Leo Haviland provides clients with original, provocative, cutting-edge fundamental supply/demand and technical research on major financial marketplaces and trends. He also offers independent consulting and risk management advice.

Haviland’s expertise is macro. He focuses on the intertwining of equity, debt, currency, and commodity arenas, including the political players, regulatory approaches, social factors, and rhetoric that affect them. In a changing and dynamic global economy, Haviland’s mission remains constant – to give timely, value-added marketplace insights and foresights.

Leo Haviland has three decades of experience in the Wall Street trading environment. He has worked for Goldman Sachs, Sempra Energy Trading, and other institutions. In his research and sales career in stock, interest rate, foreign exchange, and commodity battlefields, he has dealt with numerous and diverse financial institutions and individuals. Haviland is a graduate of the University of Chicago (Phi Beta Kappa) and the Cornell Law School.


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From the end of the Goldilocks Era in mid-2007 to the depths of the worldwide economic crisis in late 2008 and early 2009 and onward through the ensuing global recovery up to now, “overall” emerging stock marketplaces and commodities “in general” generally have traveled together. The emerging stock marketplace and commodities domains have been in a sideways to bearish trend since their spring 2011 peaks. In the wake of Federal Reserve Board tapering talk, they established interim lows in late June 2013. Yet despite the notable rally since then, in recent weeks they probably have resumed their interrelated downtrends. These bear moves probably will continue. Within the commodities realm, the tumble of the petroleum complex is especially noteworthy.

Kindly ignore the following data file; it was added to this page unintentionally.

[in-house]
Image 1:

The bull and bear adventures and timing relationships between emerging stocks and the broad GSCI are not perfect. However, in recent years they have been rather close. Since the peaks in spring 2011, note the pattern of lower and lower highs as the downtrends have proceeded.

Petroleum constitutes an important part of the broad GSCI and many other commodity indices. The petroleum story and its supply/demand situation are important components for the emerging marketplace growth theme. However, note the late summer 2013 reversal of the petroleum bull move that began around a late June 2013 take-off point. In addition, the overall worldwide petroleum situation is bearish. Weakness in various corners of the oil marketplace in recent weeks suggests that commodities “in general” probably will continue to venture lower over the next few months. So what does the historically close association between trends in emerging stock marketplaces and commodities in general suggest? The renewed bear trend in petroleum since late summer 2013 indicates that the MXEF will continue to drift lower as well.
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